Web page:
Why Man City and Chelsea hold the key to the European Super League’s collapse

Paul Macdonald
Paul Macdonald Updated: 20 May 2021 12:26 CEST 4 min read
Why Man City and Chelsea hold the key to the European Super League’s collapse

The European Super League has not yet wavered under the barrage of criticism from every corner of the football world. Fans, players past and present and governing body leaders have all come out in outrage against the proposals. Politicians and even royalty have spoken out, too.

With Florentino Perez, Real Madrid president and the league’s proposed chairman, announcing a start date of either next season or the season after, it seems as though nobody behind it is listening.

READ MORE: Super League chairman Florentino Perez wants to bin 90-minute matches

Or are they?

Daily Mail journalist Ollie Holt has reported that two of the six English clubs from Manchester United, Manchester City, Liverpool, Chelsea, Arsenal and Tottenham involved in the Super League are close to losing their nerve.

The breakaway league would not be to replace the domestic competition, rather the Champions League. But the self-governing, uncompetitive nature of the ESL has seen both UEFA and national associations threaten bans and other sanctions, while supporters of these clubs have been left to protest.

It has emerged that both Chelsea and Manchester City suggested they were reluctant to join their rivals, but did so for fear of being left behind. It would therefore not be too ridiculous to suggest that both of these clubs are the subject of Holt’s assertion.

Former Manchester United defender Gary Neville, one of the most vocal opposers to the plans, has suggested that City will withdraw, in part because the extra money on offer would perhaps not have necessarily been as attractive to their owners compared to the owners of other clubs.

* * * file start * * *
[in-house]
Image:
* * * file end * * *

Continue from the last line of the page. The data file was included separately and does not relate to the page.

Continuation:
“Manchester City will go, Manchester City will go,” he said on Sky Sports

“Why do the Abu Dhabi people who are trying to do this for reputation around the world, who have invested in communities all around the world to build excellent football clubs, build a network of football, I was doubtful of them coming to Manchester all those years ago, what they’ve done to that east side of Manchester is a joke. 

“It’s awe-inspiring, it’s unbelievable what they’ve done, the best stadiums, the best facilities, the best training grounds, they’ve built houses, they’ve built a whole area, they’ve created a legacy around there. They’ve done it for marketing and PR purposes, you can argue, why did they need this? They don’t need extra money, they don’t need another £50m a year, they need to actually convert themselves to people who are respected around the world as sporting people. 

“They have Pep Guardiola, the most amazing manager, they’ve built a football team that is unbelievable, they’re footballers that I’ve never seen in my life playing in the same team together. City must fold because these two that we support, they’re gone, Man City don’t want this, they don’t need this.”

Why could City and Chelsea leave?

The answer to this question is easier to answer from City’s perspective, and may also go some way to explaining why PSG have not bought in either.

They don’t need the money, as Neville states, and they rely on prestige and good press. That is the basis of the Abu Dhabi United Group’s entire ownership of City; it certainly does them more harm than good on that front to enter a European Super League.

It is no coincidence that Arsenal, Liverpool and Manchester United are American-owned, with this being a franchise model. That is a very common approach to sport in the USA, and something Chelsea could quite easily step away from given the vitriol being sent their way from their own fanbase.